I see what’s happening in this world and it’s not good. It’s time we change it. But the change—the change can only begin with us. And right now, what we want is the change to begin with other people, not us. Because we don’t know who we are. We’re just like them. We’re just like them. Knowing yourself has a lot of value, believe me, a lot of value.
So, this is the possibility. Your desert too, however “desert-y” it may look, does have the seeds. It is going to rain. It is. And when it does, your desert can bloom as well.
Beautiful, beautiful things in the “Store of the Divine.” Don’t be shocked if all you get is a bunch of seeds. Don’t be shocked because that’s the way they come.
Are you ready to invest a little bit in those seeds? Are you ready to take all that knowledge and give it a little wisdom—and use it wisely? Because if you do, even if you think your life has changed, it can still transform so much more than you could ever imagine. There is no limit; there is no limit.
So, how beautiful, this opportunity. How beautiful, this chance. And how beautiful when the desert blooms. Please let your desert bloom. That’s what it’s all about.
- Prem Rawat
Those seeds lying in the desert know one thing: rain will come. This they know. This is not a guess! Rain will come. When? They don’t know.
So, instead of looking at a calendar—like we do—they have adopted a beautiful strategy, beautiful! And it is based on one thing: rain will come.
Stop looking at the calendar. Seeds don’t look at the calendar. They just know the rain will come. And when it does, “Be ready!” So, no guesswork, no speculation. Absolutely everything known, known, known: rain will come. Be ready! And that’s what they do.
That’s how the desert blooms. You look at a desert, and it looks, “nothing,” like nothing. One color. Hiding underneath are these incredible little seeds. “Rain will come. Be ready.” And then, rain does come. And when it does, they bloom!
And when the desert blooms, it’s not monotonous anymore. It has got the most exquisite colors everywhere, the gentle hues of pink and blues and yellows and reds and green. You can’t even see the sand. It will happen.
You too can look at your life, look at the monotony of your life. But remember, in your heart there are some seeds. We’re going to talk about seeds here today quite a bit. There are some seeds. Rain will come. And the desert will bloom.
It’s happened, not once. Not once—again and again and again, and these seeds that lie dormant are the seeds of the success story from the last blooming. Those flowers that bloomed, they left these seeds behind. And this is their proof, “It does rain—and be ready to bloom.”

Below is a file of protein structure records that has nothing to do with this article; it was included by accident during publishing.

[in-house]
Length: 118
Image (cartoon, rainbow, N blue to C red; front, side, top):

And, if in my life, instead of facing all the chaos that I face, all the challenges that I have created for my own self, and I start to really understand life as this incredible journey that I have, this incredible gift that I have, this incredible opportunity that I have.
- Prem Rawat
What’s going to cause the divorce between the husband and wife? Expectations. What’s going to cause you to become angry with your own child? Expectations. And you have expectations of everything in this world.
I’m not saying that’s good or bad; that’s up to you. Certainly I have expectations too. I even have expectations of my dogs. Sometimes—and they’re two little Pomeranians, and theydon’t like anybody coming into the courtyard. Like, they’re, it’s theirs.
And sometimes I’ll sneak in, and they don’t know it’s me, and they’ll start barking. And then I’ll say, “What? What?” And then they get very, very embarrassed.
So, it’s not like, one way or the other way, “Should you have expectations; shouldn’t....” That’s not the point. But there is a state of being in which you are free, in which you are happy with yourself without the approval or disapproval of other people, where you recognize truly who you are is not this desert, but the seeds that lie buried in thatdesert.
My friends, the story is not about the desert. It’s going to look like the desert—the desert is going to look like the desert for a lot longer period than the blooming; the blooming is only going to last a few days. Understood, right? It only does—it just lasts a few days and then, ptchk! gone.
How does that seed survive in the desert? It had to work on it. It made an investment. It could be somewhere else where it rains a lot. But it didn’t; it went for the desert, in its uniqueness. This is the possibility; this is your strength! This is what can happen—only if you are willing to invest in it.
- Prem Rawat
So now let me tell you about the good and the bad. The good is like this—like a pyramid. Just a little bit at the top, and a lot the further down you go. The bad is like an upside-down pyramid. You see all the consequences; you see all the problems; you see all, “Oh, this is terrible, oh....” But if you get down to the bottom of it, it’s just one little thing.